The shady way in which the bill has been punted time and time again is making one thing abundantly clear: Someone important doesn’t want this bill to pass.


A Game About Power and Influence

Senators Plett and Ruth have been the two vocal opponents to the bill.

I sat down with Senator Plett to ask about his objections.

“The pedophiles, the Chris Hambrooks of the world, can use this law to their advantage,” he said. Problem is, the courts decided that Hambrook was not legitimately transgendered, and was sentenced to an indefinite jail sentence for being a dangerous offender.

In practice, adding "gender identity" to the Human Rights Act allows rapists to sneak into women’s shelters in the same way that it allows neo-Nazis to claim that cross-burning is allowed because it’s part of their religion.

But Plett has always positioned himself as thoughtful about the bill. “If we want to look at a bill [that prevents workplace discrimination], I would look at with open eyes,” Plett told me. I pointed out to him that the sections of the bill that amend the Human Rights Act aim to do exactly that. Three provinces and one territory already have similar changes to their provincial human rights legislation, and they have not permitted sexual assault like what Plett describes.

“Then let’s take the Criminal Code aspect out of it,” he responded.

I asked him whether the Criminal Code should cover hate crimes. As one study points out, some 20 percent of trans people report being physically or sexually assaulted. "Do you support making hate crimes against trans people illegal?"


“I entirely, 100 percent support laws that deal with hate crimes,” he added.

I asked which sections of the bill he didn't support.

“The sections that make it absolutely open, or gives the right, for you or me, as a biological male, to go and say, ‘I want to stay in a women’s shelter,’” he said.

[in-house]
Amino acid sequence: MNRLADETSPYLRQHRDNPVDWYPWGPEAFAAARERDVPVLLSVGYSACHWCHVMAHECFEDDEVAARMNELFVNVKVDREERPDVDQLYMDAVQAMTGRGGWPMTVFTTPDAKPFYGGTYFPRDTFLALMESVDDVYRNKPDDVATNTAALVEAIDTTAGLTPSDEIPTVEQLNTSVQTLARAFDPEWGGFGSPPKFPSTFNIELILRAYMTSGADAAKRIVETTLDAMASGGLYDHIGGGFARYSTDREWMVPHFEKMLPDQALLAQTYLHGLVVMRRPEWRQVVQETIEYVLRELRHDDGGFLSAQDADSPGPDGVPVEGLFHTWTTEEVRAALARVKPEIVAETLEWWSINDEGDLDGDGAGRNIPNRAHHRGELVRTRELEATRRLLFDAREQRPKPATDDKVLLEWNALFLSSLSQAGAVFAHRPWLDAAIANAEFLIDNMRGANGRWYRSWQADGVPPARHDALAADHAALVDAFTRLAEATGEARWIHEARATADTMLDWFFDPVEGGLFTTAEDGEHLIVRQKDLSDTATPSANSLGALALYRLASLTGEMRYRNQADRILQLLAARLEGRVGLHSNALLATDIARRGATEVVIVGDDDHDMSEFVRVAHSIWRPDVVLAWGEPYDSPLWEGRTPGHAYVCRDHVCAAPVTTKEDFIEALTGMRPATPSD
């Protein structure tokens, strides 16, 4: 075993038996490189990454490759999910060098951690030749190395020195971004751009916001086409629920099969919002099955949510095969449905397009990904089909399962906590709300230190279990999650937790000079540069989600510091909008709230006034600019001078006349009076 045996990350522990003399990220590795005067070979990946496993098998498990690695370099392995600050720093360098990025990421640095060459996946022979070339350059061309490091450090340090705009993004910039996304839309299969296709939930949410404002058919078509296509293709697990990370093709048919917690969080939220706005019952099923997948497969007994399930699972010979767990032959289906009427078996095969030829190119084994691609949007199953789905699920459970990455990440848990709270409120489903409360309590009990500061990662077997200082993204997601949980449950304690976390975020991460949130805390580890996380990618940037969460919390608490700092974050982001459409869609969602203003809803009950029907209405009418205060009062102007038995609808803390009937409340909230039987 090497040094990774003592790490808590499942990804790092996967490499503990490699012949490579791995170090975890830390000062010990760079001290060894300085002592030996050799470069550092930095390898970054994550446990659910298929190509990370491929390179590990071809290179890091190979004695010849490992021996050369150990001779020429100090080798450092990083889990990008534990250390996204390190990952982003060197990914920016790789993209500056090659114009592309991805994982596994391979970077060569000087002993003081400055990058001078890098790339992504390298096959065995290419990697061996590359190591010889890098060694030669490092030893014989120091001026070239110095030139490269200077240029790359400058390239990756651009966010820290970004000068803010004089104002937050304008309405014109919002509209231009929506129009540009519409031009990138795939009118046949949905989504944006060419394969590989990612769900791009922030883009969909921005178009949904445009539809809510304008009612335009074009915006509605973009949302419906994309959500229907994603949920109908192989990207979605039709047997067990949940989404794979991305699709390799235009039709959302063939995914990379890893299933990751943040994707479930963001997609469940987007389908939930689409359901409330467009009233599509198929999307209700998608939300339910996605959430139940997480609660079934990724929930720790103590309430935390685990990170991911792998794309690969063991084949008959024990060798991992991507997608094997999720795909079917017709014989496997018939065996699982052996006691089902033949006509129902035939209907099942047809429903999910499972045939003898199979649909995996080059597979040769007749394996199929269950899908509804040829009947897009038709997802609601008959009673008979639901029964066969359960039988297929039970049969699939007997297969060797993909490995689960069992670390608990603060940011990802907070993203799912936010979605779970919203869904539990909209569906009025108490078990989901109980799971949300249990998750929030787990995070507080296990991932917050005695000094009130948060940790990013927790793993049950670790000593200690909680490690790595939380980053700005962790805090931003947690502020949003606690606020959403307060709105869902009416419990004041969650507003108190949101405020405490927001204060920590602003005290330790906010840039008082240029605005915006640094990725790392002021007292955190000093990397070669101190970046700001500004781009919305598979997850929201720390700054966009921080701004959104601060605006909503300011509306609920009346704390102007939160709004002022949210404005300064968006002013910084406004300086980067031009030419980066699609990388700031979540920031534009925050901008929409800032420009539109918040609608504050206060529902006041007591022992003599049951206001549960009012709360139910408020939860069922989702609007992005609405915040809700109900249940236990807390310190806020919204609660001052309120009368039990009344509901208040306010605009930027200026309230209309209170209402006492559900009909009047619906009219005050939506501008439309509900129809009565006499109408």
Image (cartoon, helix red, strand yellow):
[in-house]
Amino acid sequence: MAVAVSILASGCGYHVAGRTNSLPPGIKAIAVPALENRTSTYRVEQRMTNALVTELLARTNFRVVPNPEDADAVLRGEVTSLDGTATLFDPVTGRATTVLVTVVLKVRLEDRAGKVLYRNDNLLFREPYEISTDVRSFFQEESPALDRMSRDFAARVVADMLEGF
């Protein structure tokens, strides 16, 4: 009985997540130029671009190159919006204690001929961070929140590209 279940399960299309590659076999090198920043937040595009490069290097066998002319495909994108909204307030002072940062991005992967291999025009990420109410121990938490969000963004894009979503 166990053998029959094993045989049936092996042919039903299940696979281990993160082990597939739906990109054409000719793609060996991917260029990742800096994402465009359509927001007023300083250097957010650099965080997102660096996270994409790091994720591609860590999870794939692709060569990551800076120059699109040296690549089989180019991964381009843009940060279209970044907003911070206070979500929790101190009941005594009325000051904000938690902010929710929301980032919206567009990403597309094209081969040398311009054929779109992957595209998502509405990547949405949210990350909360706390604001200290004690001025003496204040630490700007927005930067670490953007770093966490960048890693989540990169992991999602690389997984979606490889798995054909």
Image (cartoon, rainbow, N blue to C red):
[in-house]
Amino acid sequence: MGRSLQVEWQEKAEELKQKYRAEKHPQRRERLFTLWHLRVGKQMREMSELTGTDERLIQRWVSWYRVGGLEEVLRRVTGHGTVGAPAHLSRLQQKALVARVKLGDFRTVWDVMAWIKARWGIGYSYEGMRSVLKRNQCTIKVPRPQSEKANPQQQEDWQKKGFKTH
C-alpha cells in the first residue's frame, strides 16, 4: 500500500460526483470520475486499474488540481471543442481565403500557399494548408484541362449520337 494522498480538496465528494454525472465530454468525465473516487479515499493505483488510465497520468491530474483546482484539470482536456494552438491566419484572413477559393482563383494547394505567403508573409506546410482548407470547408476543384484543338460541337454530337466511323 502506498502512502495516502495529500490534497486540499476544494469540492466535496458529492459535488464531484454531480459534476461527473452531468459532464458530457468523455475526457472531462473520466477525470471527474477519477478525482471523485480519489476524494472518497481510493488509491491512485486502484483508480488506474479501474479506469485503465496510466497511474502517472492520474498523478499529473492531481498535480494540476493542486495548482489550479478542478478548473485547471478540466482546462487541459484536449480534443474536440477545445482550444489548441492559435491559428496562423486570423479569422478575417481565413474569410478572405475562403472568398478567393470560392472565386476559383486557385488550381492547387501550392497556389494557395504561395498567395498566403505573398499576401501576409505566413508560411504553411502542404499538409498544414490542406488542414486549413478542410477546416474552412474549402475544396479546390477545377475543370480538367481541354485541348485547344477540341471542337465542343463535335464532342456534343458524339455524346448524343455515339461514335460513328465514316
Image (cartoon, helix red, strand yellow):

Senator Plett is the government’s lead on the bill in the Senate, and he will be sitting on the committee that studies the bill in the fall. Senator Ruth opposes the bill because she’s upset that the bill doesn’t contain protections for women—"sex" is not a an identifiable group in one section of the Criminal Code. “It’s quite simple: There’s no way, as a feminist for many, many decades, I’m going to accept a small group of women having protection in the criminal code without the majority having protection in the criminal code,” she told me.

Ruth also firmly believes that "gender identity" would not include women. She wants the word "sex" in the bill, or else there will be trouble.

“Sex is the word. Stop giving me this gender shit,” she said.

The two senators are the face of the bill. Senator Plett has continuously prolonged the debate, and Senator Ruth’s attempted hijack occurred just as the bill was supposed to come to a vote last year. It promises to do so again, if her concerns are not addressed.

But the two are not the sole reasons that this bill hasn’t passed.

“That this bill has been held up by the parliamentary process is accurate. So have other bills. Is there a discriminatory feeling in the Senate against people who are trans, on some people’s part? Maybe. Is it enough to defeat the vote? I don’t know,” Ruth said. She also identifies some resentment for the pro-Senate abolition NDP as one factor.


“They’ve been smearing us for a couple of years, like everybody else, and they want us to do their business?” She laughs. She also blames the Senate Liberals for dragging their feet.

I asked Senator Grant Mitchell, the Liberal proponent of the bill. He says Ruth’s assertion is “absurd.” Mitchell says he had 18 Conservative Senators ready to vote for the bill. He says the Senate Liberals prioritized the bill, in an effort to get it passed quickly. The Conservatives, he notes, could pass it within a week, whenever they want.

“It’s not us who’s stopping it,” Mitchell says. “The government is stopping it.”

Nancy Ruth put it bluntly.  “This is a game about power and influence, eh?” she said. “One of the mistakes that the trans community has is that they think it’s all about them. It’s not really about them.”

It Was a Cute Trick

In what may be the most fitting display of sad irony, Garrison tried to find a backdoor for the changes, only to have the door slammed shut by some of the Conservatives who had helped him pass the bill the first time.